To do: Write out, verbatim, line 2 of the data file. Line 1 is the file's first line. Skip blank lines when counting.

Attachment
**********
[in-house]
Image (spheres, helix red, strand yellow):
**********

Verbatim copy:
Image (spheres, helix red, strand yellow):